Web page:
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Network Security Best Practices for Remote & Hybrid Workers

Will Lidwin
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Even before the pandemic upended our world and the way we go about our business, remote and hybrid work was gaining traction. Now it’s practically the new normal for many jobs where working outside the confines of brick and mortar buildings is possible.

This brings a new level of security concerns, since remote workers are accessing their home WiFi networks that likely aren’t as secure as those managed by the company. Depending on the job, they may even be using their personal devices to access company assets. Precautions must be taken, so we want to go over the most important network security best practices for remote and hybrid workers.

Conduct Awareness Training

It never hurts to give everyone a refresher and teach them some new things about cybersecurity. Cybercriminals are always evolving along with the technology. What was taught a year or two ago may not be relevant or could need updating with new information. Plus, with so many working from home now, cybercriminals may adjust their tactics and become more brazen.

Be sure that all employees understand the risks of phishing emails, ransomware, social engineering and other possible means criminals can use to force their way into company data.

Implement Strong Passwords and Two-Factor Authentication

Long passwords with a variety of letters, numbers and special characters should be mandatory for all employees to make them as hard to figure out as possible. It’s recommended to change passwords when there is reason to suspect they’ve been compromised, plus changing them annually regardless for more airtight security. 

For a stronger authorization process, implement two-factor authentication for all users. This often entails an authorized user putting in a code they’ve been sent on their personal mobile device, which no unauthorized person should have access to.

Use Virtual Desktop Infrastructure

Virtual Desktop Infrastructure (VDI) is a great cybersecurity tool that lets authorized users securely connect to an organization’s networks and access their assets remotely through any internet connection from almost any device and location. The secure aspect of VDI protects company information from the get-go, ensuring no unauthorized access is obtained.

There are many VDI providers out there, but we recommend Microsoft Azure.

Work on Private Networks

Even on a company-owned device loaded with antivirus software and other protections, it’s never a good idea to log onto a wide-open public network. You don’t want remote workers headed to the corner cafe for a cup of coffee and a quick work session on that coffee shop’s network, not-so-cleverly called “Coffee Shop WiFi,” with its equally unclever password, “Guest.” These kinds of unsecure or minimally secure networks are easy for criminals to enter.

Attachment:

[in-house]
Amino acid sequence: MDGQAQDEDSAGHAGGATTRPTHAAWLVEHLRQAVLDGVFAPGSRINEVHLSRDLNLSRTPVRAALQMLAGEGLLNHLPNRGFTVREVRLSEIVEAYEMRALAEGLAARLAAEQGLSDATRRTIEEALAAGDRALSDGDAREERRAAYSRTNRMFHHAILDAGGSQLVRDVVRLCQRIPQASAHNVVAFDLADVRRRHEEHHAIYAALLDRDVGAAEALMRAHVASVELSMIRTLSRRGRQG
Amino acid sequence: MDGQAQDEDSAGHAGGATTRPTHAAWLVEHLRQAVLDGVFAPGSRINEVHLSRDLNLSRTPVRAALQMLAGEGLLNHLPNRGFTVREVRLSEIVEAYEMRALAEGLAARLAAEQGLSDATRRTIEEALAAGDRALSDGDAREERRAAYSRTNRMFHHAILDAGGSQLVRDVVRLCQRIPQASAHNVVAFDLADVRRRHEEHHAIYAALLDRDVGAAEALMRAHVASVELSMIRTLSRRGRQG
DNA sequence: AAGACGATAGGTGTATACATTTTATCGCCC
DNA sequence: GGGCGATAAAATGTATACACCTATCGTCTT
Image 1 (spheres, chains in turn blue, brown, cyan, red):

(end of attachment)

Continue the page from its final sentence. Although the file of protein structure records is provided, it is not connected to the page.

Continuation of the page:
Remote and hybrid employees should work on a home network protected by a strong, tough-to-break password that won’t easily let in cybercriminals.

Use the Cloud

The development of services like Microsoft Office 365 and Google Workspace has allowed businesses to conduct their work fully online while taking advantage of the excellent security measures put in place by these industry titans. 

The cloud is also quite convenient. With everything located online, materials can be accessed from any device with the correct authorization and credentials.

Further Reading: The 5 Best Cybersecurity Risk Assessment Tools

Only Use Work Devices for Work

Encourage employees to keep work at work and everything else on their own devices. Personal web browsing could lead to insecure connections on some sites or fake merchant pages that are all vulnerable to attacks or could be riddled with malware, putting the company’s assets at risk.

It’s a best practice to ensure employees use company-owned equipment for work, rather than using their personal (and potentially insecure) devices or using work devices for their own leisure.

Keep Software & Hardware Updated

Bugs and vulnerabilities are found all the time in just about every operating system or antivirus software, so frequent updating is key. Roll out updates remotely to all company-owned devices as often as necessary — or even more than necessary, to stay ahead of the crooks.

Be Mindful of Private Info on Video Calls

Zoom, Teams, Skype and any other video conferencing software are now the norm. When you’re on camera, make sure there’s no sensitive personal or company information on camera with you. Likewise, when you’re sharing your screen, prepare ahead of time so your screen or desktop doesn’t contain sensitive information that isn’t meant to be widely shared.

Furthermore, when your webcam isn’t in use, block it out. Use an attachable camera slider for a laptop (or even go old-school with a bit of electrical tape) or consider disabling it when it’s not needed. Malicious criminals can take control of webcams in an attempt to sneakily gain access to private or sensitive materials.

How’s Your Cybersecurity Preparedness?

How aware are your employees of the dangers cybercriminals pose? Do you have backup systems in place to avoid costly downtime if a cyberattack succeeds? 

Questions on these topics and more are covered in our free Cybersecurity Risk Assessment tool, which is available below. We encourage you to take it and learn where you stand with cybersecurity preparedness. It’ll only take a few minutes, and once completed, we’ll send you your score plus your ideal next steps for boosting your defenses.

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